Unlike the supervision style in my department (CS), I put an enormous effort into supervising my master's students. I meet with each of them twice a week and spend around two hours each week explaining what to do and how to do it.
From the first step, I propose a topic with a potential methodology and ask the student to follow it and give him or her precise instructions on how to proceed. After they successfully complete their theses, I usually push the student to write a paper but never worked out as the students find it meaningless to write papers if they move to industry. Instead, I write papers out of these theses/work and submit them to journals by including the respective student as a co-author. Since I am the one writing the paper, I put myself as the first author and primary contributor. For some journals, it is possible to specify the contribution of every author but for most of them, it is not possible.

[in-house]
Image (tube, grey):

I am wondering whether claiming that I am the principal contributor is fair/ethical, given that the student is implementing my ideas and I am who writes the papers. Being the principal contributor is important for some grant applications.
After reading some comments, I think I did not make myself clear. My question is not about whether I should be the first author or not because that what is should be done as the one putting the effort to write the paper. In summary, there is not disagreement between me and the students. They are actually happy that they can have a paper without putting in additional effort. My question is rather about whether should I work on the paper and submit it or not (If not, the paper will never see the light of day). Note that this is done only after the student decline to write the paper and gives his/her consent (e.g. exchanging email after the thesis is completed so that I do not affect his/her decision) that I take the lead.